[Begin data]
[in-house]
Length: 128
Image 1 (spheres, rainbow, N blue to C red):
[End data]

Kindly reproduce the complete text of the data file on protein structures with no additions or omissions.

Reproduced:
[in-house]
Length: 128
Image 1 (spheres, rainbow, N blue to C red):